His lordship remained stalwart for justice to the downtrodden classes. He was really a true judge who never considered for the reactions of the people and decided according to his conscious fairly, impartially, without any bias or prejudice and worked for the rule of law throughout his life. He was the real depiction of the maxim, “Let justice be done, though the heavens should fall.”

Having such legacy with it this Court will always work for the betterment and welfare of the people and never allow any transgression on the dignity of its citizens. We have sworn to preserve, protect and defend the Constitution.

This Court will always decide cases according to the dictates of law, without fear or favour, affection or ill-will. Being the torch-bearer this Court will never let down the dignity inherited from such a legend. The decisions of this Court stand only on the affirmation of rule of law and constitutionalism.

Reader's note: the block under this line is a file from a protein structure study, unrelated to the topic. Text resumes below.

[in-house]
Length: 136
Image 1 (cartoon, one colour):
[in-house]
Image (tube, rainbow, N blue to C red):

The Court is fully aware of its constitutional role that is to administer justice freely, fairly and impartially, cases are adjudicated on its own facts and disregard of consequences which may follow and irrespective of the status of the parties that appear before the Court.

His landmark judgments will always provide intellectual guidance to both members of the Bench and the Bar alike. He has been considered to be amongst the pioneers of public interest litigation in the country. He initiated suo moto action on a telegram, in the case of Darshan Masih v. The State[3], when he, prima facie, considered it to be a case falling in the category of public interest litigation and within the jurisdiction of this Court under Article 184 of the Constitution.